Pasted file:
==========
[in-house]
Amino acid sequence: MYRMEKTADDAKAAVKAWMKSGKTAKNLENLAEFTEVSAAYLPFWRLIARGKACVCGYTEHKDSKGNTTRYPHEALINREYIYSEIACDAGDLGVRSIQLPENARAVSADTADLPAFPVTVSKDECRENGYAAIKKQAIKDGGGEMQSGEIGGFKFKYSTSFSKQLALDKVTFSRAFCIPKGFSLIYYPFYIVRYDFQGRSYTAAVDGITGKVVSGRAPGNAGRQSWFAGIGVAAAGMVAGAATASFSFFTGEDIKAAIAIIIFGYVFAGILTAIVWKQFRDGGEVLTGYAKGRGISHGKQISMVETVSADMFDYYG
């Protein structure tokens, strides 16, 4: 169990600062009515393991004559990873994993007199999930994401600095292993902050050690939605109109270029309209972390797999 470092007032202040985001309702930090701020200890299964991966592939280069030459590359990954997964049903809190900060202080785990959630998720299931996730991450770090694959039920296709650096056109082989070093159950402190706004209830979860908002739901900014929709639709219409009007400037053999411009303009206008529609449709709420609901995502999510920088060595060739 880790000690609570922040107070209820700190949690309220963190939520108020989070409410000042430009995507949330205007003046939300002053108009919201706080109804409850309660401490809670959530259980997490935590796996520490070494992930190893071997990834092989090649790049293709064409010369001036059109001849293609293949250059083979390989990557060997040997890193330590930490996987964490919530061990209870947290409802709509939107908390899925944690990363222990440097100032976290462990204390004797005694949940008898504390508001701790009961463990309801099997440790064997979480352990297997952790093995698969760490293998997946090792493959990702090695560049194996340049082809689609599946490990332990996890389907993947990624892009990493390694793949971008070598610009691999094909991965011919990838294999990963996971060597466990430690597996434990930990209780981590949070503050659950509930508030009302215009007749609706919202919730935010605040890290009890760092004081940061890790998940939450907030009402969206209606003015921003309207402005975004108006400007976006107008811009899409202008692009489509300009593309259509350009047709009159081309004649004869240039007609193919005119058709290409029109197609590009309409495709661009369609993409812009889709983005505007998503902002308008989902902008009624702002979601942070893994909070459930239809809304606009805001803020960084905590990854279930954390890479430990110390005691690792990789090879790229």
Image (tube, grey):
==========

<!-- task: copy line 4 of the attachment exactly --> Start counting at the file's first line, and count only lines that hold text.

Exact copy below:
Image (tube, grey):